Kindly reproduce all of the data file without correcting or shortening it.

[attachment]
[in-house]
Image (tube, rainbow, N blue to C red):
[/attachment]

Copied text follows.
[in-house]
Image (tube, rainbow, N blue to C red):